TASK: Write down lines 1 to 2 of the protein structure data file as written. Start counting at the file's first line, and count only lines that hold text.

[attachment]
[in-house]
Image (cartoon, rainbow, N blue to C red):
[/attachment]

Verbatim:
[in-house]
Image (cartoon, rainbow, N blue to C red):